Hiking gear list: what to pack hiking the backcountry?

Hiking gear list: what to pack when hiking in the backcountry?

What to pack hiking backcountry trails? This is my trail-tested favorite hiking gear list for remote hikes in the North Georgia mountains. 

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I love almost nothing more than hiking Georgia’s trails in search of stunning overlooks, splashing waterfalls and beautiful forest landscapes. Atlanta’s close proximity to the southern Appalachians makes it easy to access fantastic backcountry hikes within a few hours drive of the city.

What to pack hiking? My packing philosophy for a day hike is simple: I try to balance weight with safety. Here’s my hiking gear list for longer trails in the Georgia backcountry – on day hikes like the Appalachian Trail in Georgia and the Jacks River Trail through Georgia’s remote Cohutta Wilderness.

Many of my favorite Georgia backcountry trails are remote, so I pack assuming

  1. I won’t have mobile phone service
  2. I might be the only one on the trail
  3. in an emergency, I might be spending the night in the forest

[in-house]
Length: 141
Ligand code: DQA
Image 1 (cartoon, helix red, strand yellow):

Sure, snake bites / sprained ankles / black bear encounters are relatively rare, but I don’t like to take chances, and like to pack prepared for the worst.

Out for a local hike?

Check out my hiking gear list for local hikes in the Atlanta area, like hikes at Sweetwater Creek and in the Chattahoocee National Recreation area, in my hiking gear list for local day hikes.

Backpack

My favorite backpacks combine light weight, comfortable wear and convenient gear organization. For warm-weather hikes, I love the Osprey Stratos 24 and women’s Osprey Sirrus 24 backpacks. The packs feature a curved aluminum frame and a perforated back panel to maximize airflow between the pack and my back. And an integrated rain cover keeps the pack dry in case of summer showers. Read more on these maximum-airflow packs in my Osprey Stratos 24 and Sirrus 24 reviews.

 

Hiking gear list for day hikes in the backcountry

Extra Layers

Layers rock: with a clothing layering system, it’s easy to stay warm (or cool) and dry on the trail. And since weather forecasts never seem to be accurate, I like to be prepared for anything.

Rain Jacket

One of my favorite waterproof jackets is the Marmot Minimalist Rain Jacket. Gore-Tex construction and taped seams make the jacket extremely dry but ultra-breathable. And breathability is a big factor when I’m hiking – I want a jacket that sheds rain but breathes, so it’s not a sauna inside my coat. It’s lightweight, and it stuffs down to a small size when I’m not wearing it so it doesn’t consume excess room in my backpack.

Clothing Layers

I love Patagonia’s Capilene shirts: they’re warm when I need them to be and breath when I’m hot, so I can wear the same shirt all day from cool mornings to warm afternoons. And they’re nicely fitted, so they’re easy to layer. In winter, I layer fleece over a Capilene shirt and under a jacket.